I do not believe in or appreciate this whole “0 is not a size” campaign. As a child, I would eat and eat and struggle to gain weight, and in junior high I was a size 00. I constantly felt insecure because I was “too bony,” and family and friends would tell me I was too skinny and that I “needed to gain weight,” and it made me feel terrible. It was difficult to find clothes that fit my frame, and I wished over and over again that I could gain some weight to avoid everyone’s speculations about my “skin and bones.” I particularly remember a day in which someone I knew went out of her way to prove to me how small I was, in front of my friends and family: she wrapped her hand around my entire thigh and told me that it was disgusting and all about how she shouldn’t be able to do that—as if I chose to have my thigh be so “stick-like.”
We wouldn’t say “10 is not a size,” or “18 is not a size,” without sounding any less ignorant. Why does anyone feel the need to put down whatever size a person may be wearing? A person’s size is the amount of material used to make their pants — just clothes, not their identity. If it’s a number, it’s a size, and everyone should own theirs proudly without someone dismissing its validity, whether it’s a size 0 or 1,000.
Sure, fitting into a size 0 shouldn’t be a goal for anyone, but why should we dismiss it as a size altogether when some people don’t choose to wear it? I think Sophia Bush is an awesome advocate for many brilliant causes, and I understand that her “0 is not a size” campaign was an effort to combat Urban Outfitter’s terrible negligence in creating a shirt that reads: “eat less.” However, it doesn’t seem socially or morally sound to refute anything related to weight by releasing yet another negative statement about weight.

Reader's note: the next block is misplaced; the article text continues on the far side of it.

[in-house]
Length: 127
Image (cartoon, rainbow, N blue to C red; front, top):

Shouldn’t we also consider the fact that trying to combat the Urban Outfitters shirt with yet another destructive speculation about weight would only stimulate women’s issues with the number they see on the scale? If anyone feels as conscious as I did about being a size 0, they may try to compensate by gaining weight that their frame may not be meant to hold.
In the same way that a shirt that says to “eat less,” may perpetuate things such as bulimia and anorexia, shirts that read “0 is not a size” may encourage an eating disorder that is rarely ever discussed — bigorexia (also called muscle dysmorphia). It’s the opposite of anorexia; people who suffer from bigorexia feel that they are too small, frail, or underdeveloped, and take desperate measures to ‘bulk up.’ While this disorder typically affects more men than women, both genders can suffer from it. No one deserves to feel a daily struggle against themselves and their body’s natural metabolic rate — whether it is considered fast or slow.
Rather than continuing to engage in t-shirt wars with conflicting adverse messages about weight, we should be discussing how we can eliminate these stigmas altogether and provide support for anyone and everyone who suffers from believing their body is not how it should be.
As far as the war between women and weight stereotypes in the media: while the general public can’t control this portrayal of women, we can choose the effect it has on us. We can petition stores to carry larger sizes, or we can choose to boycott those stores altogether if they lack the dignity to sell clothes that can fit the full spectrum of sizes—an endeavor that many people have already taken on. More importantly, we can stop shaming any and every size and embrace every woman, and every single person, as a healthy image in her or his own light.
Simply put: a size is a size if even one person in the world wears it, and we should celebrate and recognize all of these sizes. Period.